elastic scattering


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elastic scattering

[i′las·tik ′skad·ə·riŋ]
(mechanics)
Scattering due to an elastic collision.
McGraw-Hill Dictionary of Scientific & Technical Terms, 6E, Copyright © 2003 by The McGraw-Hill Companies, Inc.
References in periodicals archive ?
The elastic scattering is largely in the forward direction.
The nuclear structure of our target Xe nuclei was computed in the nuclear shell model for elastic scattering and in the QRPA framework for both elastic and inelastic scattering.
Chebotayev, "Measurement of elastic scattering cross-sections in a gas by laser spectroscopy methods," ZhETF Pis.
We consider the elastic scattering of neutrons on the nucleus of moderating medium.
In the final weeks of the collider's proton run, the researchers dialed down its luminosity to study a phenomenon known as "(http://www.ibtimes.com/cern-lhc-update-researchers-dial-down-luminosity-elastic-scattering-experiments-2420910) elastic scattering " - wherein two protons survive their encounter intact, without colliding head-on, with only a slight change in their direction. Elastic scattering cannot be observed during normal, "high luminosity" LHC runs, when protons are more likely to crash into each other and create new particles.
Rayleigh scattering, which is an elastic scattering technique, originates from all the molecules in the laser path, thus no additives are required; additionally, because molecules exist before, during and after the combustion front, Rayleigh scattering radiation is produced through the whole combustion event giving the full temperature profile necessary for the determination of the temperature gradient.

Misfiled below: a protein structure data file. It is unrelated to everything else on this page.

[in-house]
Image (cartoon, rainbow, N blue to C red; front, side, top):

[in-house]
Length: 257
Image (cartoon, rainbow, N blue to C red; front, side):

Luppe, "Resonant elastic scattering by a finite number of cylindrical cavities in an elastic matrix," Wave Motion, vol.
where the first term [(4[pi]Dt).sup.-1] in the integrant is the return probability ([P.sub.0](t)) for diffusion constant D, the second term represents the short time cut-off ([[tau].sub.e]), below which no elastic scattering occurs, and the third term is the phase coherence time ([[tau].sub.[phi]]) cut-off, beyond which phase coherence is lost.
Whittingham, "Elastic scattering of [sup.152]Eu yrays by Pb," Journal of Physics G: Nuclear Physics, vol.
Under weak excitation, also known as the Heitler regime, the main contribution to photon generation is through elastic scattering. By operating in this way, photon decoherence can be avoided altogether.
Only occasionally does it undergo a substantial deflection, due to elastic scattering from an atomic nucleus [1-4].